Germany and France Call on Putin to Lift Grain Blockade, Engage in Peace Talks with Zelensky

German Chancellor Olaf Scholz (R) and French President Emmanuel Macron make their way insi

French president Emmanuel Macron and German chancellor Olaf Scholz urged Russian president Vladimir Putin to lift the blockade on Ukrainian grain in order to mitigate the growing global food crisis.

In an 80-minute phone call on Saturday, Macron and Scholz asked Putin to lift Russia’s blockade of the port city of Odesa (Odessa) in order to allow Ukrainian wheat and other foodstuffs to once again flow from the Black Sea to countries dependent on the grain.

Mr Putin, claimed in the phone call that the grain shipments were being prevented by “an erroneous economic and financial policy of Western countries, as well as by the anti-Russian sanctions,” despite there being no sanctions levied against Ukrainian food or fertiliser as has been put in place against Russian exports.

The Russian leader said per France’s Le Figaro newspaper that “Russia is ready to help find options for an unhindered export of cereals, including Ukrainian cereals from ports on the Black Sea,” but added that such an arrangement will be dependent on the “lifting of appropriate sanctions” against Moscow.

According to an analysis from The Economist, 98 per cent of Ukrainian corn and wheat was exported via the water prior to the full-scale invasion of the country by Russia in February. Presently, around 25 million metric tons of corn and wheat are currently sitting in silos rather than being shipped to countries in need.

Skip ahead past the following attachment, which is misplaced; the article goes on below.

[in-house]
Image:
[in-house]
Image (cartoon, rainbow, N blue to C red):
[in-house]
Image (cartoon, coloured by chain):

The magazine noted that this is “equivalent to the annual consumption of all of the world’s least developed countries” combined.

Meanwhile, the European Union, which has previously sought to export grain from Ukraine via Soviet-era rail networks, is reportedly considering a naval mission to clear the Russian blockade. Spain’s El Pais newspaper reported that at a meeting on Monday on the subject of global famines, Brussels will consider sending ships to the Black Sea.

“The EU is ready to mobilize all possible resources to facilitate the exit of grain accumulated in Ukrainian silos and ports. And on the table is even the possibility of launching a naval mission to escort the passage of freighters from Ukraine through a Black Sea infested with mines and guarded by Russian ships and submarines,” the Spanish newspaper claimed.

Ukrainian cereals continuing to be prevented from being exported threatens the possibility of global famine due to fresh harvests having no room in grain silos to be stored.

Commenting on the impending crisis, the head of the UN’s World Food Program, David Beasley, said last week: “Failure to open those ports in Odesa region will be a declaration of war on global food security.

“This is not just about Ukraine, this is about the poorest of the poor around the world who are on the brink of starvation as we speak.”

In addition to calling for Russia to allow Ukrainian grain shipments to commence, President Macron and Chancellor Scholz called on Putin to engage in “serious and direct negotiations with the Ukrainian president and a diplomatic solution to the conflict.”

The European heads of state also demanded an “immediate ceasefire and a withdrawal of Russian troops” from Ukraine as well as the release of thousands of soldiers of the Neo Nazi linked Azov Battalion, who were captured by Russia after the fall of the Azovstal steel plant in Mariupol earlier this month.

While Mr Putin said that he was “open to a resumption of dialogue” with Kyiv (Kiev), it is currently unclear as to how fruitful such negotiations would prove, given President Volodymyr Zelensky’s pronouncement this week that Ukraine will fight “until it regains all its territories”.

Follow Kurt Zindulka on Twitter here @KurtZindulka


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